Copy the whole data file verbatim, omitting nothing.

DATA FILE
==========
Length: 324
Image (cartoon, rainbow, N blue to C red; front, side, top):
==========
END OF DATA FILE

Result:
Length: 324
Image (cartoon, rainbow, N blue to C red; front, side, top):